Fig. 2 Synergistic drug-drug interactions in DIPG identified via HTS-enabled combination drug screening.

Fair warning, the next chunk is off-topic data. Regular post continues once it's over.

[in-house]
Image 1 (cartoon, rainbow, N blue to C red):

(A) Schematic layout of the drug-versus-all screen for panobinostat and marizomib versus the entire MIPE 5.0 library. Top: Each drug pair was tested in a 6 × 6 matrix block, reflecting five doses plus DMSO control for each individual matrix block. Middle: An exemplar 1536 plate containing 6 × 6 blocks. Bottom: Examples of percent response and ΔBliss heat maps for additivity, synergy, or antagonism outcomes. (B) The entire panobinostat (left panels) and marizomib (right panels) drug-versus-all screen results were ranked by synergy, as assessed by the ExcessHSA metric (gray). Each panel highlights drugs from key mechanistic classes including HDAC, proteasome, MEK, IGFR, and PI3K inhibitors. (C) Left: ExcessHSA values for the combination of panobinostat with the proteasome inhibitor marizomib, the IGFR inhibitor BMS-754807, the MEK inhibitor selumetinib, and the PI3K inhibitor buparlisib. Right: %Response and ΔBliss heat maps for panobinostat with BMS-754807, selumetinib, or buparlisib. (D) Left: Thirty HDAC inhibitors from the MIPE 5.0 library were ranked on the basis of the ExcessHSA values when combined with marizomib. Class I (*) and class II/III (**) HDAC inhibitors are highlighted. Right: %Response and ΔBliss heat maps, for example, class I pan-HDAC inhibitors (romidepsin and dacinostat) or class II HDAC6 inhibitors (ACY-775 and tubastatin A). (E) Left: Correlation heat map of the 45-drug all-versus-all combination screen. Subgroups of drugs with similar combination profiles are highlighted (group 1: blue; group 2: brown; group 3: orange; group 4: light green; group 5: dark green). Right: Original ExcessHSA values for groups 1, 2, and 3. Ranking is based on the average ExcessHSA within each group. These figures including plots for groups 4 and 5 are expanded in fig. S2. (F) The 10 × 10 %Response heat maps and ΔBliss heat maps for the combinations of panobinostat with either marizomib or BMS-754807.